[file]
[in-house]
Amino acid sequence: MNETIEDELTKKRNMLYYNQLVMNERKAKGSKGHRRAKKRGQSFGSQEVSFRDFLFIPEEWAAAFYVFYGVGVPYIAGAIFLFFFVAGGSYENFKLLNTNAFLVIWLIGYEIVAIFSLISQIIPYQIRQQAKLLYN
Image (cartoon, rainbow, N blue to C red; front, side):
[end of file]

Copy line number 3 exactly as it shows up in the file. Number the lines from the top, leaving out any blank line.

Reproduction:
Image (cartoon, rainbow, N blue to C red; front, side):